Preparing the Comedian – Part 2
And here’s a few other things you can do to prepare the comedian for the comedy show:
Websites, newsletters and other company communications.
This gives us comedians a great background for what’s been happening at the company. We may not use it to write a joke, but we might be able to edit one of our jokes to fit what’s been happening.
Theme or slogan –
does your event have one? Share it with the comedian! We’ve heard many good (and weird) ones, and if we can tie some tasteful jokes into yours, then it’ll make all those hours in the committee meeting debating the theme. . .worth it. Okay, maybe not, but it gives us more ammo for humor.
Local color –
just like what’s going on in the company. . . is there something going on in the town? I recently did a show in Michigan and I missed a huge opportunity to pick up a bottle of water, take a sip, and say “this was bottled in Flint.” I think it would’ve hit big. . .but I forgot to check the local goings on in the area, and so I missed out. (the program wasn’t in Flint and I knew the organizers would be okay with the reference).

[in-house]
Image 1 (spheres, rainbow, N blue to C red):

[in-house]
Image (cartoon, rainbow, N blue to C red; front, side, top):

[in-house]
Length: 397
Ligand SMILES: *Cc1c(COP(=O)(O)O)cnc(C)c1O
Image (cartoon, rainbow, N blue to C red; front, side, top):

Conference activities –
tell the comedian what else is going on at your conference – golf tournaments to bowling leagues and karaoke . . .it’s all open for humor if we know about it. I always ask for a program of the event so I can see for myself, so offer that and you never know what comedy will ensue.
Terms and acronyms –
every industry has their own little language. . . tell the comedian what some of your common words are, and, since the comedian isn’t familiar with the terms, they might come up with their own definition. Then you’ll have something you can use for years that will make you laugh well after the comedian is gone!
Names and info on people they can joke with.
I NEVER make fun of people, but I do like to know A) who I can joke with, and B) something about them. Don’t just tell me Bob’s a bad golfer. . . that doesn’t give me much. Tell me Bob just bowled a 56, and that’s something I might be able to work with. I once did a show for a box making company, and the owner’s name was JACK. Come on, sometimes comedy just writes itself.
So there’s a few pieces of information that you can give to your comedian or keynote speaker so that they can tailor the comedy. . . and make you look great!
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